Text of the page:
US will not have veto over prisoner releases: Kabul
AFGHANISTAN named a three star general to take over Bagram prison from the US military and with him, final say over which prisoners are released, an issue with the potential to open another rift in relations between Washington and Kabul.
The issue of the release of any of the 3,200 people held in the prison at the sprawling American base, north of Kabul, is sensitive to both countries as Afghanistan assumes full security responsibilities ahead of departure of most NATO combat forces in 2014.
Washington fears the prisoners, most of whom it says are mid to high level members of the Taliban, might return to the battlefield as has happened in the past, citing the case of a Taliban commander transferred from Guantanamo Bay to Afghan custody in 2007 who ended up fighting coalition forces again.
“They (the United States) can have a consultative role, but not a veto,” said Aimal Faizi, chief spokesman of President Hamid Karzai.
“What’s the point of the transfer if we don’t have full control,” he said, in remarks that have become increasingly assertive following a string of incidents that have strained US-Afghan ties, notably the killing of 17 villagers blamed on a US soldier and the burning of Korans at the Bagram base.
Afghan General Ghulam Farooq Barekzai - formerly in charge of policy at the defence ministry - has been named to take over the Bagram detention centre, a palace statement on Saturday said.
It was the first step toward handing over control of the prison to Afghan authorities and another move to transferring complete security responsibility to the volatile country before the planned pullout of most Western forces.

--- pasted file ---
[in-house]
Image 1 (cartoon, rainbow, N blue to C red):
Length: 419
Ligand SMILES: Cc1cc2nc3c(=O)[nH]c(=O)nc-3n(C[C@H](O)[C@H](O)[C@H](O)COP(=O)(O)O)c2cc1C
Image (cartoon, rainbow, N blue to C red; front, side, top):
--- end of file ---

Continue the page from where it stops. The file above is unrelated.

Afghanistan, which has long sought control of Bagram prison, says no sovereign country can allow thousands of its people to be held indefinitely under foreign guard and that it alone has the powers to determine what to do with them.
The two sides reached an agreement in March to shift the prison to Afghan control after months of wrangling and a key element of the pact was that Afghanistan would consult with the United States before freeing any of the men incarcerated there.
“And if the United States provides its assessment that continued detention is necessary to prevent the detainee from engaging in or facilitating terrorist activity, Afghanistan is to consider favourably such assessment,” the document said.
US officials have interpreted that to mean that the two sides at the very least would have to agree before any of the detainees, many held for years without any trial, could be freed.
Prisoners there will gradually be transferred to Afghan custody over six months, and US forces will provide “technical and logistical support” for a further six months.
About 50 non-Afghan detainees at the prison will remain in US custody, both sides have said.
Under the agreement, Afghanistan also has to provide the United States access to the transferred detainees to ensure that they are being treated in accordance with humanitarian laws.
They may also be able to interrogate them, which has long been a key US demand, US and Afghan officials said.
“This is something that Afghan commanders at the prison will decide,” said an Afghan government official, who declined to go into any more detail because of the sensitivity of the matter.